• Building a wood fired oven / The Ultimate Wood Fired Oven Cookbook

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    http://www.genevievetaylor.... - author of The Ultimate Wood Fired Oven Cookbook https://www.amazon.co.uk/Ul......

    I am a food writer with a passion for fire. I really wanted to write a book on wood fired oven cooking but first I had to build an oven. Here is how we did it… a combination of time lapse, slo mo, stills & iPhone footage, pretty rough around the edges but shows the steps we took. It was a tremendous amount of hard work, I learnt skills I never thought I would - like bricklaying and rendering but so worth it. A properly insulated wood oven is a joy to cook in. I can light one fire in my oven and know that I can cook stuff in it for 24 hours, using the falling curve of the heat to cook pizza, bake bread and cakes, roast meat, vegetables and fish and cook slowly overnight.

    Read on for more detail of the build.

    Connect with me on social:
    Twitter - https://twitter.com/genevie...
    Instagram - https://www.instagram.com/g...


    These ovens are mighty heavy - about 250kg - so solid foundations are essential. Once we’d cleared the ground, we built wooden shuttering in a generous square, allowing for the oven plinth to be outsized to provide extra work surface. This square of ground was lined with damp proof membrane & fitted with a steel rebar mesh to reinforce it. Into that we poured a 20cm layer of concrete - many, many bags of it, back-breakingly mixed by hand - and left overnight to set.

    We chose to build our oven plinth with a double layer of blocks. On top of each double layer we placed a horizontal block layer for added strength & to ‘tie’ the two layers together.

    At this stage it is important to think about the final height of the oven - you want to oven base to be level with your elbow so you are neither stretching up too far or bending down too low to access the oven. So we tweaked the amount of mortar and blocks to get this height just right for me and my elbows…

    Concrete lintels were used to make the top of the plinth - these add extra support & are really easy to fit. Onto these went a layer of thermolite insulating blocks, bedded with mortar to secure them in place. Keep checking with a spirit level to make sure the surface & therefore the oven base, sits level and true, you don’t want your cooking surface to end up on the twonk do you? Finally the top was brushed builders sand to fill in any little gaps.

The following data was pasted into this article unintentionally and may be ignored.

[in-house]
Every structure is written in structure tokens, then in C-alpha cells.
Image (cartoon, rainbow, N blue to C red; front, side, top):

On the oven fitting day we were lucky to be helped with wood fired oven expert Terry Lyons who offered a hand. Thanks to Terry this was the easiest part of the build.

    Onto the base we laid a thermal heat board to add extra under-oven insulation (vital to retain heat for low and slow cooking!), then the precast oven base (in two sections) went on top of that.
    My oven is a medium sized Mezzo 76 from Gozney. I chose this as its a good compromise between size & heating up time: the bigger the oven, the more you can cook at once, but they take longer to heat up. I also wanted a pre cast oven that was DEFRA approved to use in a smoke control zone as we live in a city that has strict regulations on smoke emissions.

    Once the base sections were in place and lined up - and the level double checked again - we lifted the dome of the oven up and rolled it into place using a broom handle (in the manner of the ancient Egyptian’s!)

    The chimney then slots into place on the top of the oven - it a very snug fit, as is necessary to make a good seal.

    The oven dome is then wrapped in a thick thermal blanket which is pegged into place with chicken wire. The chicken wire forms a good key for a further insulating layer - what Terry called the Devil’s Porridge - a mix of vermiculite & concrete which spread out all over the dome in a layer about 5-6cm thick. The surface was roughed up to provide a good key for the final render.

    Good insulation all over - is vital to maximise the use you can get out of your oven. Think of your oven as a battery - the fire that heats it up & the oven itself absorbs the energy then re-emits that store of energy over a period of time. So the more insulation you have the longer you can cook.

    Once dry (a week or so) a final layer of render was applied & the oven was ready to use. I lit a series of small pulse fires to bring the dome up to temperature slowly. Then I started to cook in it everyday as I tested and wrote recipes for my book. I love my oven very much. Build one, you won’t regret it!

    If you have any questions, do get in touch via social media using the details above. Show less
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